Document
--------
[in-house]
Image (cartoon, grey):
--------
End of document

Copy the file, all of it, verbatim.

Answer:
[in-house]
Image (cartoon, grey):